Felix Höfling, Carsten Hartmann
Arthur Straube (FU, from 07/19 to 12/19), Upanshu Sharma (FU, from 10/19)
01.01.2019 – 31.12.2021
Diffusion in cellular environments, consisting of a variety of interacting entities, is a multiscale process. The project’s objective is to infer effective stochastic models and to quantify memory, using novel stochastic modelling and data assimilation techniques, based on data from experiments and simulations.
Macromolecular crowding is characterised by a dense and heterogeneous packing of differently sized, mobile and immobile components. From the interaction between these entitites, complex behaviour can emerge on large scales, including long time scales and persistent memory. Experiments on labelled molecules frequently show non-Markovian or non-Gaussian behaviour or both, depending on the window of time scales probed .
A description by an idealised Brownian motion is, at best, approximate, and may lead to significant modelling errors with respect to, e.g., spatial particle distributions and their reaction kinetics. Accurate and efficient modelling demands linking complex spatio-temporal data to suitable stochastic models, which should be able to accomodate the feature-rich experimental observations, yet allow for the robust estimation of parameters.
Non-Gaussian transport, yet with a linearly growing mean-square displacement (MSD) has attracted recent interest, whereas previous research almost exclusively focussed on the striking observation of (transient) subdiffusion . A stochastic model that partially captures the former treats the particle’s effective diffusivity as a stochastic mean-reversion process, justified by the constantly rearranging environment . In the most recent version of this “diffusing diffusivity (DD)” model, the molecule’s displacement 𝑋 obeys a non-degenerate diffusion that bears some resemblance with the well-known Cox-Ingersoll-Ross (CIR) process in mathematical finance. The full DD model is Markovian. However, the dynamics of 𝑋 alone may display significant memory effects or non-Markovianity, unless the system exhibits a clear time scale separation.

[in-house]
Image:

We will derive a hierarchy of the effective models for the diffusing particle in various scaling regimes and study properties of the parameter estimator for the effective diffusivities. When multiple scales are present, statistical estimators, such as the maximum likelihood estimator, are known to suffer from a systematic bias unless clever subsampling strategies are employed, and one part of the project consists in studying the properties of non-parameteric and semi-parametric estimators for the diffusivities. For finite time scale separation we expect, however, an effective model to exhibit significant sub-exponential correlations, which suggests to systematically seek non-Gaussian approximations, akin to the (non-Markovian) Kac-Zwanzig heat bath model.
One possibility to describe non-Markovian effects is by means of the generalised Langevin equation (GLE) that, in its most frequently used Gaussian form, is specified by the autocorrelation function (ACF) of the noise increments or, equivalently, its memory kernel. A model-free alternative studied in this project uses higher-order memory functions that allow for the consistent interpolation from short to long time scales. The approach is based on a Fourier representation of the ACF of a stationary process in terms of a spectral density (e.g. ). The key quantity here, which is experimentally accessible, is the characteristic function of the process (i.e. the Fourier transform of its spectral density) which after systematic short-time approximations captures non-Markovian processes with persistent memory (long-time anomalies) as well as non-Gaussian transport with spatiotemporal memory or non-Gaussian noise, beyond the standard GLE.
A scientific novelty is that a completely data-driven framework is developed to study memory and crowding for diffusing particles that incorporates many available standard approaches, such as the GLE framework, and that rests on very few generic assumptions. The project explores the potential and limitations of the class of DD models, based on results of complex analysis and on actual data. The analysis of ACF including the frequency dependence is still in its infancies. Estimating spatiotemporal memory from trajectory data is new and goes beyond standard GLE approaches.
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